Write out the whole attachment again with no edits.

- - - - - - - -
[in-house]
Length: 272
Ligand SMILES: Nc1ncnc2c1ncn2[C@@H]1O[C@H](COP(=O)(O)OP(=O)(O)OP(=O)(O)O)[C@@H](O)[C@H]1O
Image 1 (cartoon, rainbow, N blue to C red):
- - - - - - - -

[in-house]
Length: 272
Ligand SMILES: Nc1ncnc2c1ncn2[C@@H]1O[C@H](COP(=O)(O)OP(=O)(O)OP(=O)(O)O)[C@@H](O)[C@H]1O
Image 1 (cartoon, rainbow, N blue to C red):